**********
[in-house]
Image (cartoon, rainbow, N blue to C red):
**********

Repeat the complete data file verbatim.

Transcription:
[in-house]
Image (cartoon, rainbow, N blue to C red):